At the beginning of each year, as a UMC church in the Wisconsin Conference, Centenary submits a statistical report which includes attendance and membership data. This year, we reported a membership total of 258 and an average worship attendance for 2013 of 96. This means that in 2013, on average, we had over 150 members that did not attend worship services the entire year.
Now, on the one hand, every member of our church has stood before God and this congregation and taken vows of membership. These vows were specifically to support Centenary UMC with their prayers, their presence (worship attendance), their gifts (abilities/financial), their service (volunteering) and, recently, we also say witness (Christian life and testimony). As Christians first and members of Centenary UMC second, we have given our word to make a relationship with Jesus Christ the top priority in our life. This is most readily accomplished by fulfilling the vows of membership we made before Him and His church, locally to Centenary UMC. Attending a weekly worship service with our fellow brothers and sisters in Christ inspires, reminds, refines, grows and connects us more fully to God, to each other and His Kingdom; equipping us to serve Him in our local community and the world. As a member of God’s church and Centenary UMC regular worship attendance, except in cases of physical limitation, is essential.
However, on the other hand, those of us who were present and witnessed our brothers and sisters in Christ be baptized, confirmed and/or take these vows of church membership, also took a vow of our own: to surround our members with a community of love and forgiveness. To be a community of love and forgiveness at Centenary UMC requires a loving relationship with God and loving interpersonal relationships with each other. How many of the 96 average worship attendants have reached out in love to the over 150 members that are not? How many of those 150 or more members do we even really know or even had a conversation with? I have no doubt that, in the eyes of God, there is as much emphasis on those of us who were present when folks became members to fulfill that vow of community and relationship as there is for those who made membership vows to fulfill them.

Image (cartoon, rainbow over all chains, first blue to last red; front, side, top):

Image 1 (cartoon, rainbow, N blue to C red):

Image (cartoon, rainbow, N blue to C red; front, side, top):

None of us would be active or attending worship at Centenary UMC if it wasn’t for the loving relationships we have with each other. The miracle and hope of Easter has been made known to us to not only celebrate ourselves but to celebrate for those who are seeking the love and hope that Easter offers. Thus, it is essential to the mission, survival and growth of this church that we fulfill this vow of being a community of love and forgiveness through loving relationships with God and each other. This should be our highest priority. Love God, love others and then, and only then, can we make disciples of the risen Christ. I have no doubt that this is the way God would want us to celebrate not only Easter, but every day of the life He has given us.